““I think we picked the best name out of the whole group,” New York Yankees general manager Brian Cashman said in a video statement played for the crowd. “I look forward to the top of the charts on merchandise sales, with people saying it loud and saying it proud. It’s an awesome new stadium coming on line, a new uniform and rebranding it. And the association with the Yankees is as strong as ever.”
Crain said the RailRiders won the voting in convincing fashion, and the entry that appeared on the most ballots — Porcupines — was well-represented in the team logo as sort of a compromise. He said the RailRiders moniker accomplished one of the team’s primary goals when the rebranding process started, honoring the area’s rich railroading and rail-riding history.
“My dad always told me that you can’t go forward unless you know the past,” Crain said. “To rekindle the past in a new, modern way was very important to us. When we were rebranding the club, we wanted to make sure that we touched our roots.”
Outside Genetti’s, though, the immediate reception to the new name was predictably mixed.
“I love it,” one fan said. “It’s all about the Lackawanna Railroad.
“Almost as laughable as Scranton (city) council,” said another.
Still, Lackawanna County commissioner Patrick O’Malley called the event a “rebirth” for Lackawanna County.
HISTORY BEHIND THE MOMENT
Well, everything that has happened since that night in 2012 is the history of the RailRiders.
Despite some of the early detractors, the new team name settled in and became part of the area landscape. In 2013, the first year of its existence, the RailRiders were listed among the top 25 minor league teams in licensed merchandise sales.
Over the years, the RailRiders have phased out the porcupine connection to the logo and the team, but they have not completely forgotten about the proposed team names that didn’t work out. On. Aug. 8, 2014, the RailRiders changed identities just for a day, donning lime green and blue uniforms and becoming the Scranton/Wilkes-Barre Trolley Frogs for a game against Columbus. it was tabbed as “What If? Day.”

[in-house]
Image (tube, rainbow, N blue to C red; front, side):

In typical Scranton- and Wilkes-Barre-area fashion, though, the rumor has always persisted: Did “RailRiders” actually win the fan voting back in the summer of 2012, or was it simply the preferred choice of team officials all along?
SWB Yankees LLC, the team’s ownership group at the time, submitted a trademark application for the name RailRiders on Aug. 16, 2012 — eight days before fan voting ended. They also submitted one for the Porcupines entry that day, but they never asked for a trademark on the other names. That includes Trolley Frogs.
Crain said on the night of the announcement that RailRiders received the most first-place votes and Porcupines appeared on the most ballots overall, as either a second- or third-place selection, and he continued to maintain that later, when pressed about the trademarks being filed just about halfway into the voting period.
““In hindsight, I could have done one of two things — not pulled any of them or I could have pulled all of them before the team name voting ended,” Crain said. “I guess you could say not pulling them (all) was a mistake, but I can guarantee and swear on high heaven that what we did is accurate. I’m not here to dupe anybody. We’re just an honest baseball team and really here for the good of the community.”